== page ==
PNP seeks release of APC, high-powered guns held as evidence in massacre case
MANILA, Philippines –The Philippine National Police is asking a Quezon City court to release an armored vehicle and some high-powered rifles set to be used as prosecution evidence in the 2009 Maguindanao massacre.
With the 2013 elections only months away, the Police Regional Office in Autonomous Region in Muslim Mindanao pointed out that it would need the additional firepower in keeping peace and order in the region.
In particular, the PRO-ARMM is appealing for the return of its “Sangoku” armored personnel carrier, two machine guns, 13 rifles and two pistols, which is in the safekeeping of the PNP Region 12 Crime Laboratory Group in the aftermath of raids on several Ampatuan properties following the 2009 Maguindanao massacre.
The PRO-ARMM claimed that the firearms and vehicle in question belong to them, based on their inventory.
“The said firearms are valuable assets which could be issued to police personnel in the field. With the elections coming near, more police personnel are expected to be deployed in the streets, thus increasing the need for long firearms. With increased firepower comes increased police effectiveness in exacting from the citizenry observance of the laws,” the police body said.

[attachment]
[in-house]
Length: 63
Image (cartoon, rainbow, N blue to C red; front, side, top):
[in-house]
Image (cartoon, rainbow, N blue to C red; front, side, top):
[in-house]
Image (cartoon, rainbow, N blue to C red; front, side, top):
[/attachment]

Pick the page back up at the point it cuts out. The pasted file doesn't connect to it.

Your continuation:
The PRO-ARMM also cited the presence of lawless elements in the region in arguing for the release of its firearms.
In an urgent motion for intervention, legal officer Chief Inspector Enrique San Miguel told Judge Jocelyn Solis-Reyes of Regional Trial Court Branch 221 that the guns have been stored in the evidence room of thr PNP Region 12 CLG.
He noted that although the guns were secure and intact, these need to be released to avoid their deterioration and becoming unserviceable.
The firearms in the court’s custody are two .30 caliber Browning machine guns, 10 M16 Elisco rifles, three M16 Colt rifles, one 9-millimeter Taurus pistol and one 9-mm Beretta pistol.
The Sangoku APC also has two .50 cal. machine guns mounted on it and was seized in 2009 from a ricemill, an Ampatuan-owned ricemill, shortly after the Nov. 23, 2009 Maguindanao massacre.
The PRO-ARMM pointed out that the guns need to be stripped, oiled and cleaned regularly to keep them in good condition, and that storing guns in a closed room could cause rust and further deterioration.
The police body also stressed the need to recover the APC to prevent its wear and tear as it is exposed to the elements in an open field at the PRO 12 headquarters in Tambler, General Santos City.
If returned, the vehicle will be reconditioned for deployment to Maguindanao, Lanao del Sur, Basilan or Sulu.
“Be that as it may, rest assured that return of the said firearms and vehicle would not affect the merits of the cases filed against the Ampatuan,” the PRO-ARMM added.
Members of the Ampatuan clan led by prime suspect Andal Ampatuan Jr. are among the 195 charged in the massacre of 58 people, 32 of them media workers in Ampatuan town, Maguindanao on Nov. 23, 2009.
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